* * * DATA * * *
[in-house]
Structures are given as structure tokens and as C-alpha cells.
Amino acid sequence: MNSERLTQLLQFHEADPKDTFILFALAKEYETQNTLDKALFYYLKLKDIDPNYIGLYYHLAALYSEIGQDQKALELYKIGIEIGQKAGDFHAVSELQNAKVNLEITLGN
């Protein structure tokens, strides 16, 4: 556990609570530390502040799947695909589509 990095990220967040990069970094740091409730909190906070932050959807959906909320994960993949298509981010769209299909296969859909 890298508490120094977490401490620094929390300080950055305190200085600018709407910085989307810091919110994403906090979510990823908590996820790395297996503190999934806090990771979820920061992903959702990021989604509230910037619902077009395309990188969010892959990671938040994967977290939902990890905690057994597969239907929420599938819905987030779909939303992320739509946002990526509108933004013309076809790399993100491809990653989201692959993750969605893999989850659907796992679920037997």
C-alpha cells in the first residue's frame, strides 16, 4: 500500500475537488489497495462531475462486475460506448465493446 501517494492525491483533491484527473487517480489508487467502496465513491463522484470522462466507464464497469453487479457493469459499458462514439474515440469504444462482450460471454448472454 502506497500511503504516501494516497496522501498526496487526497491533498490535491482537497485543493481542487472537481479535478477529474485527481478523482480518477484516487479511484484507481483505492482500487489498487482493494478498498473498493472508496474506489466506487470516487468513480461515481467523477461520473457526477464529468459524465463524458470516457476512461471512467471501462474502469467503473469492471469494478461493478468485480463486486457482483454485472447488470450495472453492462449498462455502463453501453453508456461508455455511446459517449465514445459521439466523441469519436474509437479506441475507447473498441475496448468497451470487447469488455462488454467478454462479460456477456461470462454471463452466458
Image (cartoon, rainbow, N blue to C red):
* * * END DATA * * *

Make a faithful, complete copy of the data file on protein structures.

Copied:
[in-house]
Structures are given as structure tokens and as C-alpha cells.
Amino acid sequence: MNSERLTQLLQFHEADPKDTFILFALAKEYETQNTLDKALFYYLKLKDIDPNYIGLYYHLAALYSEIGQDQKALELYKIGIEIGQKAGDFHAVSELQNAKVNLEITLGN
């Protein structure tokens, strides 16, 4: 556990609570530390502040799947695909589509 990095990220967040990069970094740091409730909190906070932050959807959906909320994960993949298509981010769209299909296969859909 890298508490120094977490401490620094929390300080950055305190200085600018709407910085989307810091919110994403906090979510990823908590996820790395297996503190999934806090990771979820920061992903959702990021989604509230910037619902077009395309990188969010892959990671938040994967977290939902990890905690057994597969239907929420599938819905987030779909939303992320739509946002990526509108933004013309076809790399993100491809990653989201692959993750969605893999989850659907796992679920037997």
C-alpha cells in the first residue's frame, strides 16, 4: 500500500475537488489497495462531475462486475460506448465493446 501517494492525491483533491484527473487517480489508487467502496465513491463522484470522462466507464464497469453487479457493469459499458462514439474515440469504444462482450460471454448472454 502506497500511503504516501494516497496522501498526496487526497491533498490535491482537497485543493481542487472537481479535478477529474485527481478523482480518477484516487479511484484507481483505492482500487489498487482493494478498498473498493472508496474506489466506487470516487468513480461515481467523477461520473457526477464529468459524465463524458470516457476512461471512467471501462474502469467503473469492471469494478461493478468485480463486486457482483454485472447488470450495472453492462449498462455502463453501453453508456461508455455511446459517449465514445459521439466523441469519436474509437479506441475507447473498441475496448468497451470487447469488455462488454467478454462479460456477456461470462454471463452466458
Image (cartoon, rainbow, N blue to C red):